Culture Events University

Global Week (2020) ft. Indian Society

By Ciéra Cree & Fatima Lakhani - Global Week 2020 has sadly come to a close, but what an amazing and memorable time it has been! Throughout the week students have had the opportunity...

By Ciéra Cree & Fatima Lakhani (Indian Society)

This year’s Global Week wrapped-up at the end of February, but what a memorable week that was! Throughout the week, the students were given the opportunity to learn about the many different cultures that contribute to the university’s vast population. There were activities such as organised dances and musical performances, cinema screenings, and food stalls lining the halls of Helmore.

From the week starting on the 24th of February, there wasn’t a day that passed by which didn’t see Helmore Street filled with an abundance of flags, stalls, posters, noticeboards, and the echoing sound of excited voices. Seeing students come together to celebrate our cultural differences and appreciate one another’s cuisine was a truly beautiful sight. Though the performers that stood out to me the most were the members of the Indian Society.

As one of the larger societies based on our home campus, the Indian Society sought to do something great during this year’s Global Week. To pull out all the stops, the society held a variety of events throughout the week, including a well-attended dance and fashion show, a popular food stall and, secretly, a ‘flash mob’ that nobody expected. This was all spearheaded by the warmth and dedication of the society’s President, Avinash Miriyam, and Riya Gadhavi, their Vice President.

The Showcase & The Dance & Fashion Show

The Students’ Union had already organised a showcase event to take place on Tuesday the 25th of February in The Academy, and the Indian Society decided to contribute their aforementioned dance and fashion show to the runnings. Beside them stood members of the K-Pop Society, as well as some independent performers representing countries like Nigeria and Norway.

This was the running order (with an interval between item six and seven!):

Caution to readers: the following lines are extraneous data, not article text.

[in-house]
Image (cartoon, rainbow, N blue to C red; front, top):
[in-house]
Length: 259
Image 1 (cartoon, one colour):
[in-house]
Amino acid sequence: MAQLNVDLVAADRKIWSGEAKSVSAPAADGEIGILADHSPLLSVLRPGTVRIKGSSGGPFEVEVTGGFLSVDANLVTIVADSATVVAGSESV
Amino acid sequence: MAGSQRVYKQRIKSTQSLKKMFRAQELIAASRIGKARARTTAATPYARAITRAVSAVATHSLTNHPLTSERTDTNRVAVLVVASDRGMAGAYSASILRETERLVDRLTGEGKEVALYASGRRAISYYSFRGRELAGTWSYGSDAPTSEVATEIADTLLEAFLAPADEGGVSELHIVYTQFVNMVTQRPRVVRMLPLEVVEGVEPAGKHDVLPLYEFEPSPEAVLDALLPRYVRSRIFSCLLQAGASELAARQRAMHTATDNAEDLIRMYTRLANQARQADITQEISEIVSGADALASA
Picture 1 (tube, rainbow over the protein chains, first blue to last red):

1. Group Dance – Indian Society
  2. ‘International Poem’ – Fatima Lakhani
  3. Fashion Show – Nigerian Students
  4. Mime Performance – Indian Society
  5. Group Dance – K-Pop Society
  6. Music – Indian Society
  7. Fashion Show – Indian Society
  8. Norwegian Folk Songs – Mira-Ceti Andreassen
  9. Music – Desi Society
  10. Acapella Guitar Performance – Indian Society
  11. Group Dance – K-Pop Society

Audience members started drifting in after 7 PM on the night, and it wasn’t long before The Academy was jam-packed with people – so many in fact, that it was hard to move. Regardless, what followed were a series of incredible representations of culture, including Fatima Lakhani’s ‘International Poem’ read out in seven different languages. She recounts her experience in the following quote from the night:

‘Honestly speaking, I had no intentions of performing until two days before the event. I feel like it was the best decision I have made this academic year. Standing there made me realise that I had a voice and I could make it heard. It was a series of conflicting emotions… excitement, butterflies, a hint of nervousness. But the moment I stood there, I felt grateful to be able to represent my ideas and relay to people what transcends beyond language and gets lost in words. Sometimes, people get too caught up analysing words they hear that they fail to detect the emotion trying to be conveyed. That is one of the many reasons why I chose to do a poem in several languages.

My poem is from the perspective of an angel who has been observing humans for centuries and raises important questions regarding the working of racism, slavery, lack of rights (women and minority groups) and prevention of females from education (still prevalent in many parts of the world.) I decided to use the guise of an angel, as I myself am a human and therefore accountable for what happens in the human world. Using the angel to present the poem gives us humans an opportunity to look at our world from above and realise our mistakes and correct them.